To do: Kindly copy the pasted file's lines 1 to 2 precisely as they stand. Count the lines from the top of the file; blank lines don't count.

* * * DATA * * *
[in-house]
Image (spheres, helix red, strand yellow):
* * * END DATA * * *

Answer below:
[in-house]
Image (spheres, helix red, strand yellow):